There are those who try to show that by working harder than others, we are just like them, without realizing the paradox enacted. To do something dramatic, only reaffirms to those able bodied that they could do that as well, but that it is amazing that ONE disabled person did it. The systems set up treat us like school children, where deciding what is best for us is not a loss of ‘equal rights’ but being a good person. If you don’t believe me, try the ‘escalator trick’ (riding up an escalator by flipping your casters onto the step ahead and holding on to the sides) and watch people freak. Listen as guards or staff tell you that you ‘can’t do’ what you obviously just did, and what no rules are posted forbidding. I did that to get up to the Science Fiction today as we shopped at Chapters, as they were having buy 4, pay for 3, sale.(I got a tattoo/fetish magazine, linda got wildlife photography).

Saying ‘I hope your children are/will be disabled’ is seen as an insult. Parents may say with a ‘knock on wood’ look in their eyes that ‘I wouldn’t MIND if my child was gay.’ But there are no, ‘Hope your son is gay’ cards along with the ‘Hey little Football player’ birthday cards for boys. But no parent will say, ‘I wouldn’t MIND if my child was/will be disabled.”

That is ALWAYS considered a tragedy. And ‘equal’ might be written on the books, but not in the minds, or hearts.

I don’t know how to ‘hack’ that. I don’t even know where to start, so culturally universal, so pervasive is the idea that nothing good comes from disability or illness except the determination to either try to be as others are or to not ‘give up’. But even for those who reach the levels they did before, it is the actions which are equal, not the person: they are always going to be damaged.

I might have a shorter life, but I am a better person because I got ill. I am, I think, a more mature individual, a more empathetic, more accepting, more aware of my own engrained biases and able to work to overcome them because I am disabled. Even in my sore mistreatment by various organizations or individuals, I have come to realize how fortunate I am.

I will continue to seek the ‘hack’, which alters the premise of people, or transforms the disability ghetto (with 80-90% unemployment in Canada) into a place where individuals’ value can be seen, recruited, and society changed.

I believe that a ‘100 list’ of the top corporations, to ask about hiring policies, accommodation in the workplace and an annual rating system, which has helped so much for both women in corporation management list and the annual gay and lesbian list. It brought awareness to corporations and for whatever reason, various corporations responded.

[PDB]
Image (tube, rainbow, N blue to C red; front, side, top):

It isn’t the universal hack I want, but it is a place to start.

But so are the ways you see disability and yourself. How has it improved you? Or changed you? How would you hack either disability community or the global perception?

3 comments:

Neil said...

MOST wheelchair users wouldn't try to get onto an escalator, you know. Now that one person *has* done it, there'll be a change in the warning signs, to protect the owners and manufacturers of the escalators, and it'll all be your fault. :)

Love and zen hugs,
Neil

Tina Russell said...

That is often how I think of being transsexual. For instance, as a model and a performer, I know it’s going to be hard finding acceptance of my transsexuality, but I also know I can sell myself as something new and interesting and try to take advantage of people’s ignorance. It’s not ideal—what I’d like most is to be someone people accept at face value—but if I can make a living by making my transsexuality a selling point rather than exclusively a burden, I’m happy with that.

I also make sure to make people know I have a learning disability (ADD) if I think it might encourage them to give me the help I need. In both cases, I’m encouraging people to think of me as an object, but at least it’s better than not being seen at all, I guess.

JaneB said...

What an interesting idea, to use 'hack' in such a wide sense.

How have my health issues changed me? In the same way, I hope, as my other life experiences - helping me become a more loving, giving person, helping me grow and empathise and be both tolerant - in the sense of open to diversity - and to hold more firmly and more publicly to my deepest values - because tolerance doesn't mean accepting discrimination, or violence, even if it's labelled as a 'cultural norm'.

And I found you, my dear friend, through blogging about my 'disability'. So yes, it has changed my life...